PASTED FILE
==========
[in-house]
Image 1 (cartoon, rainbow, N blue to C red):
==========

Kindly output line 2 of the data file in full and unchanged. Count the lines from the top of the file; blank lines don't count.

Image 1 (cartoon, rainbow, N blue to C red):